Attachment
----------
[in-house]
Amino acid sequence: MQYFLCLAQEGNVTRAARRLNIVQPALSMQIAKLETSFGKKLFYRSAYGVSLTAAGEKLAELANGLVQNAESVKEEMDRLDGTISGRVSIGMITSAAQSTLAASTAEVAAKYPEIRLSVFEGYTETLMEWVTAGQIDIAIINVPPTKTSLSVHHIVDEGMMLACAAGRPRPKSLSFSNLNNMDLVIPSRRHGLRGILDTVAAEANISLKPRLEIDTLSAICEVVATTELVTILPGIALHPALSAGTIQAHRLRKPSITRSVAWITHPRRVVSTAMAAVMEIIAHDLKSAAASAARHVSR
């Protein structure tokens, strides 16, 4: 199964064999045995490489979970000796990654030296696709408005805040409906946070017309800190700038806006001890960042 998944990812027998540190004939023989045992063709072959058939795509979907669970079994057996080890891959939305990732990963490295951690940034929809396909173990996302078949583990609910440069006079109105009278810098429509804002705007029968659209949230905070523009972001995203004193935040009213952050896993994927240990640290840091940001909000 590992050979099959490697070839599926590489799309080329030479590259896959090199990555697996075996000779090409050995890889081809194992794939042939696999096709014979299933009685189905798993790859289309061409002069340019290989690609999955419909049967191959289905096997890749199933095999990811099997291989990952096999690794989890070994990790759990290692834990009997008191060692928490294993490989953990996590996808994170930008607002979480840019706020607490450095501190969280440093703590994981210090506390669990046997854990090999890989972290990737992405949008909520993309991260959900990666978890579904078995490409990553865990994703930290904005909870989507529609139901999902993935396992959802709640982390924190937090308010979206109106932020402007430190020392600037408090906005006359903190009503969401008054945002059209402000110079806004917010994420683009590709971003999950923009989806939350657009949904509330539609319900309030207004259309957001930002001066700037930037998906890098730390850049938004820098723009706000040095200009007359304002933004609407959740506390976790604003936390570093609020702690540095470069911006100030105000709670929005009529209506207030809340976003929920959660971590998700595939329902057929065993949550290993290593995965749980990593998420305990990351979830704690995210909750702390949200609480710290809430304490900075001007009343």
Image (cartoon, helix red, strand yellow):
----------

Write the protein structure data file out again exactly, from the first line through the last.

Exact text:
[in-house]
Amino acid sequence: MQYFLCLAQEGNVTRAARRLNIVQPALSMQIAKLETSFGKKLFYRSAYGVSLTAAGEKLAELANGLVQNAESVKEEMDRLDGTISGRVSIGMITSAAQSTLAASTAEVAAKYPEIRLSVFEGYTETLMEWVTAGQIDIAIINVPPTKTSLSVHHIVDEGMMLACAAGRPRPKSLSFSNLNNMDLVIPSRRHGLRGILDTVAAEANISLKPRLEIDTLSAICEVVATTELVTILPGIALHPALSAGTIQAHRLRKPSITRSVAWITHPRRVVSTAMAAVMEIIAHDLKSAAASAARHVSR
């Protein structure tokens, strides 16, 4: 199964064999045995490489979970000796990654030296696709408005805040409906946070017309800190700038806006001890960042 998944990812027998540190004939023989045992063709072959058939795509979907669970079994057996080890891959939305990732990963490295951690940034929809396909173990996302078949583990609910440069006079109105009278810098429509804002705007029968659209949230905070523009972001995203004193935040009213952050896993994927240990640290840091940001909000 590992050979099959490697070839599926590489799309080329030479590259896959090199990555697996075996000779090409050995890889081809194992794939042939696999096709014979299933009685189905798993790859289309061409002069340019290989690609999955419909049967191959289905096997890749199933095999990811099997291989990952096999690794989890070994990790759990290692834990009997008191060692928490294993490989953990996590996808994170930008607002979480840019706020607490450095501190969280440093703590994981210090506390669990046997854990090999890989972290990737992405949008909520993309991260959900990666978890579904078995490409990553865990994703930290904005909870989507529609139901999902993935396992959802709640982390924190937090308010979206109106932020402007430190020392600037408090906005006359903190009503969401008054945002059209402000110079806004917010994420683009590709971003999950923009989806939350657009949904509330539609319900309030207004259309957001930002001066700037930037998906890098730390850049938004820098723009706000040095200009007359304002933004609407959740506390976790604003936390570093609020702690540095470069911006100030105000709670929005009529209506207030809340976003929920959660971590998700595939329902057929065993949550290993290593995965749980990593998420305990990351979830704690995210909750702390949200609480710290809430304490900075001007009343």
Image (cartoon, helix red, strand yellow):